(3) If during the session of Parliament immediately preceding the first day of July, 1926, the courts have not finally decided the questions involved in subsections 1 and 2 the Parliament of Canada may further suspend the operation of this Act.

Mr. Boys had apparently had a hand in the Duff amendment as he explained the reasons for some of the changes in the terminology of the amendment as formerly submitted. Mr. Bird protested vigorously that the amendment was a deliberate attempt to defeat the purpose of the bill. It was designedly dilatory but would be futile because Parliament would have to deal with the Bill later if not now. Mr. Brown pointed out that the issue was whether a church had or had not the inherent right to determine its doctrine, polity and destiny and that ultimately this issue must come to the front as in Scotland. He said the amendment was either prepared by a lawyer who wanted to kill the bill or by a lawyer who was not very clear, as openings were left for hanging it up indefinitely. Dr. Anderson asked if the passage of the bill would stop the litigation. Mr. Boys said nothing could stop it. In this he was not a true prophet as the litigation never proceeded.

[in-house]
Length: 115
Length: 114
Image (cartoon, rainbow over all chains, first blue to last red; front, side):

It became known later that the whole plan reflected in the amendment had been devised by a few men drawn from both the Liberal and Conservative members to defeat the bill, and that they had taken such measures as would insure their having a small majority in favour of the amendment no matter what happened. The number of members voting on the amendment included many men who bad little or no interest in the subject matter and whose attendance during the presentation had been perfunctory. It bad become apparent that there was a clear majority of the members ordinarily in attendance, in favour of the bill. Nevertheless the amendment carried on a vote of twenty-seven to twenty- three on the following division: